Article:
Providing the proper food or formula and ensuring warmth and hygiene are essential to caring for a young squirrel. However, allowing a baby squirrel to be reared by its mother or by a wildlife rehabilitator is best.
The best course of action upon finding an uninjured baby squirrel is to leave the animal alone and observe it, since the mother may return for the infant. If the baby is indeed an orphan, a licensed wildlife rehabilitator can provide the best care. In some regions it is illegal for laypersons to possess or care for wildlife. In the event that a lay responder must provide care, the first concern is to warm and hydrate the baby. Placing a heating pad beneath a plastic tub and layering the tub bottom with soft towels provides a good makeshift incubator for warming a baby squirrel.
An electrolyte solution, such as Pedialyte, is important for hydration before any formula or food. When the baby is ready for formula, companies such as Fox Valley Animal Nutrition produce formula specifically for squirrels, with appropriate mixing instructions. It is important to start with weaker concentrations and work up to full formula concentration. Feeding is best performed using a syringe and rubber nipple while the squirrel is in an upright position, and the syringe should be at a 45-degree angle. If milk bubbles out of the baby's nose, stop feeding, and tilt the squirrel forward to allow fluid drainage. The baby needs to eat 5 percent of its body weight every two to five hours, depending on age.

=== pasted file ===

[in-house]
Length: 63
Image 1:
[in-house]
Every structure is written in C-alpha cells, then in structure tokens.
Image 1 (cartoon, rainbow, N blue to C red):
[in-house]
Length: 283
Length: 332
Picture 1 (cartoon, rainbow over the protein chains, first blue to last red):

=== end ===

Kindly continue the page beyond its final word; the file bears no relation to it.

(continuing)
Stimulating infant squirrels to eliminate after feeding is important for hygiene. Wiping the genital area with a warm, damp cotton ball or soft cloth stimulates elimination while keeping the baby clean.